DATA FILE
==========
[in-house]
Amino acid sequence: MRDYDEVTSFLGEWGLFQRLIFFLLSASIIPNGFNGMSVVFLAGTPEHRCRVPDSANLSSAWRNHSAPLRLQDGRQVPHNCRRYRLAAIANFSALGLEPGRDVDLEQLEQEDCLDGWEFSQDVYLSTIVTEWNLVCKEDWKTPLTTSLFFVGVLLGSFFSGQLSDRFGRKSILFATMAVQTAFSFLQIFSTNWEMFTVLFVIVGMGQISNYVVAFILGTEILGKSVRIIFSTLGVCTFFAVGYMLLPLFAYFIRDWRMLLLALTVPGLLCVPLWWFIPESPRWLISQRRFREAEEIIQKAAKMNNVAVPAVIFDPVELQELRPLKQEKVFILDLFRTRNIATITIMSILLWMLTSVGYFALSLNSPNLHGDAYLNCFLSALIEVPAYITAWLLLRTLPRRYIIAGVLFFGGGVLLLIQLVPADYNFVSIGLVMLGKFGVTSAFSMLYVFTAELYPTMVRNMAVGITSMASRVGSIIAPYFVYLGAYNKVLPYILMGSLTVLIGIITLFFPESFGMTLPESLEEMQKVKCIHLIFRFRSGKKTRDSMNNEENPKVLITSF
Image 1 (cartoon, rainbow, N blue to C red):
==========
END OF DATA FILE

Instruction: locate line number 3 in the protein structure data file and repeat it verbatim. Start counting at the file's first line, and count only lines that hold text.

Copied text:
Image 1 (cartoon, rainbow, N blue to C red):